Shruti Ravindran in Open the Magazine:
The average reader might imagine Dalit writing to be anthemic, and engulfed in incandescent rage. For writing with a quieter, infinitely varied sort of power, the average reader would do well to get a copy of Gogu Shyamala’s book of short stories, Father May be an Elephant, and Mother only a Small Basket, But…, just published by Navayana.
Shyamala is a former activist of the Communist Party of India (Marxist-Leninist)—members of which were branded ‘Naxalites’ in Andhra Pradesh—and a Dalit, feminist and Telangana activist. She grew up in the Madiga quarter of Peddamul village in the Tandur region of western Telangana. Her father, a bonded agricultural labourer, got both her brothers to work in the fields as he was determined to send Shyamala to school, so that she’d be able to decipher complicated land deeds and ensure the family didn’t get cheated out of their small land holdings.
In her stories, Shyamala writes about the lives of agricultural labourers, drummers and performers of the untouchable Madiga community, in the half-forgotten Telugu of the Telangana region, which is substantially different from the flavourless Sanskritised tongue of coastal Andhra. From the banned yet persistent practice of jogini—the upper caste-enforced ‘tradition’ of making a Dalit girl available to all the men of the village—and landlords cheating unlettered Dalits out of their land, to Dalits being called disrespectful ‘half-names’ and verbally abused, Shyamala’s stories are underpinned by the everyday brutality that Dalit communities face. In them, hardworking Dalits who walk with ‘swift, long strides’ to match the canter of calves are juxtaposed against lazy landowners who dawdle in bed, and ‘lentil-eating, milk-drinking’ Brahmins, who grow as soft as dung-worms.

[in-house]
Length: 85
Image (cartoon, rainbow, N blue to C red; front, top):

But Shyamala’s stories do more than make the margin the centre; they make the margin a place of vivid enchantments, rendered with idiomatic vitality. In these tales, set in the villages, forests and fields of western Telangana, shiny buffaloes luxuriate like queens in tanks, calves spring about with swirling and swishing tails, children flit along the bunds like dragonflies, and winter suns set like diving birds.